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Post 4

@honeybees - You bring up a good point about using a qualified person for a hypnotist. I have always wondered what kind of training is required for someone to become a hypnotist.

Are there certification programs they must pass or can anyone claim to be a hypnotist?

I know of one friend who says this helped her lose weight. She was able to lose some weight, but over time she put it right back on again. If she were to get hypnotized again, would she be able to lose the weight again?

The relationship between hypnosis and the brain seems like it would be very complex. It kind of scares me to think about being so open to the power of suggestion, but I know many people claim it works.

Post 3

There is something about the power of suggestion while your brain is in such a focused state that makes hypnosis work. Our brain wave patterns are always moving, but when they are extremely focused there is a difference.

I have never been hypnotized but have always been fascinated by the way it works and have studied the process. I think if someone was interested in being hypnotized you would want to make sure and go with someone who has a good track record.

There are a lot of people out there who can claim to be a good hypnotist, but it still takes practice and training. You want someone who really knows what they are doing.

I also think it is natural to be scared or hesitant about the process. By reading about it and becoming familiar with it, your level of fear can be reduced.

Post 2

I don't really understand all the science behind hypnosis and the brain, but I am a believer in the power of hypnosis.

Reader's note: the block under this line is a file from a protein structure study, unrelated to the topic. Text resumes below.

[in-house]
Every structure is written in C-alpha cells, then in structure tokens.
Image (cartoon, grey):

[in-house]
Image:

I had tried just about everything I could think of to quit smoking, but it never ever lasted very long. A friend of mine suggested I try hypnosis. At first I was scared to death to think about doing this, but the motivation to quit smoking was greater.

It is hard to explain this unless you have been through it, but I have had good results. It took more than one session, but even after the first session, I had much less of a desire to smoke.

I hope this is something that continues. If I start having bad cravings again, I will probably repeat the hypnotism. I have never tried self-hypnosis, but this might be something to think about too.

Post 1

One thing I like about the idea of hypnosis is that you don't have so many random and spontaneous thoughts. I often find it hard to focus on one task as so many other thoughts are going around my head at the same time.

I have never been hypnotized, but find it interesting that your brain is just as fully awake, but just more focused. It's too bad you can't find a way to do this without going through hypnosis.

I was in a play in high school where I was hypnotized during one part of the play. Being hypnotized like this helped me solve a murder. Of course none of this actually happened, but it was interesting to play the part!